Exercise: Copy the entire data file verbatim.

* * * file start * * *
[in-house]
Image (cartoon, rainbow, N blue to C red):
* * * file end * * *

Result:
[in-house]
Image (cartoon, rainbow, N blue to C red):